Should Jesus have worked more miracles than he did? The atheist says, of course he should have. If he was God and if God is what Christians believe, Jesus could have cured every sick person in Palestine. Jesus said, if you have two coats, share with one who has none. The Church should apply the same logic to its God.
Twelfth in the series “Stories of Jesus and the Character of God.” In this series I probe what historical Jesus scholars can say about the humanness and the earthly career of Jesus. Beyond that historical research cannot go. The ultimate objective is to let this Jesus reveal the character of God. Contents and links to other entries in the series here.
The prevalence and persistence of suffering in the world, especially undeserved suffering, is a powerful argument for the atheist inside us. Jesus gave relief to suffering people by working some miracles, but not as many as, it seems, he could have. Why not?
Asking that question is thinking in terms of Jesus’ power. I doubt that Jesus thought that way. For Jesus it wasn’t “I can do this.” Rather, “This is what God’s Kingdom is like.” And, “Look, God’s Kingdom is beginning to make itself felt in the midst of this world’s kingdoms.” I think that would have been Jesus answer to anyone who asked him, “How did you do that?”
The ways of God
In the 21st century, we Christians have to think about how God’s Kingdom happens if we’re going to be part of it. We are among those disciples whom Jesus sends to cast out devils, heal the sick, and announce the good news of the Kingdom. We don’t have much hope of doing that without the help of the laws of nature, which science reveals. But with our understanding of nature, we can do some amazing things.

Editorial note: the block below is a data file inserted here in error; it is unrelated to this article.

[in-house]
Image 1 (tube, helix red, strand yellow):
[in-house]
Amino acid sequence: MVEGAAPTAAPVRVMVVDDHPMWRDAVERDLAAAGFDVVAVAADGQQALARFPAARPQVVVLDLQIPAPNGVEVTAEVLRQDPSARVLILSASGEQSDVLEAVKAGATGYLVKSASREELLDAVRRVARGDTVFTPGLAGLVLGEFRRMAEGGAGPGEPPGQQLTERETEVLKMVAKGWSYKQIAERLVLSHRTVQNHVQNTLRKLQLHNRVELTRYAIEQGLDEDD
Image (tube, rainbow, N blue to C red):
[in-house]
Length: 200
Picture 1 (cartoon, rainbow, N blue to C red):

The science of medicine helps us cure diseases of the body. With psychology we cast out the devils of the mind sometimes. There are lots of other “devils” that we are less successful with, but we certainly are expected to work on them. And we certainly can if we wish. These are devils like poverty, war, discrimination, environmental destruction. And there are personal “devils” – pride, laziness, hopelessness. We know perfectly natural cures for all of these devils. In actions of people, some extraordinary and some just like ourselves, God’s Kingdom lives.
The world is familiar enough with miracles of the first kind, the baffling ones. I don’t mean only the Christian world. The miracle phenomenon is well-known in many traditions. It would hardly be fitting for Christians to say only our miracles are real ones.
What is going on with miracles?
Imagine taking our scientific minds back to the first century and seeing Jesus cure Peter’s mother-in-law. That’s one of the more historically probable of Jesus’ miracles. Would we see something that we could easily explain or something that would amaze even us? Probably Jesus and his disciples had cures of both types. As witnesses to Jesus’ cure of Peter’s mother-in-law, trying to figure out what’s going on, we might go either way.
What is God doing in all these phenomena, the ones we call miracles and the ones where we believe God is only subtly acting? Is God a power in the universe in addition to and over-ruling the powers science investigates? Is the atheist right to argue that an all-powerful God should be working harder, performing more miracles? Another post will have something to say about power and God. For now, my suggestions are more general.
Maybe the way God works is less like power and more like what Jesus says about those who would rule—a servant kind of ruling. Maybe, to grab an image from a previous post, it’s like the way an artist rules a work of art or a storyteller rules a story. Again, God’s creative rule may be like the sun and the moon, the way they rule day and night. Or maybe it’s like the way humans are supposed, biblically and ecologically, to play their leadership role on earth. That would be cooperatively, not in a dominating way.
Believing in the Kingdom
Of those who saw Jesus in action, some believed in him and some didn’t. Faith isn’t much easier in one age than another. In the 21st century it helps me to know that the Bible’s miracles aren’t about a few impossible things that God could do and we can’t. The Bible doesn’t give us miracle stories to prove what Jesus can do. The stories (the fictions, the exaggerations, and the accurate memories) tell us what God and world are like. Jesus’ interpretation is something that can be meaningful for us even today, especially if we don’t feel a need to look for breakdowns in the laws of nature:
The Kingdom of God is upon us, catching us off our guard, invading our comfort zones, interrupting our lives!